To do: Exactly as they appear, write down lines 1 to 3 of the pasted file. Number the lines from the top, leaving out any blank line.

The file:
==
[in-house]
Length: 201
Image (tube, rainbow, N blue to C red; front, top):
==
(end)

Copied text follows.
[in-house]
Length: 201
Image (tube, rainbow, N blue to C red; front, top):